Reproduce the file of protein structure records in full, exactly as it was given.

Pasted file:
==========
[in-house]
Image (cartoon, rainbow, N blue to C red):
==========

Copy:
[in-house]
Image (cartoon, rainbow, N blue to C red):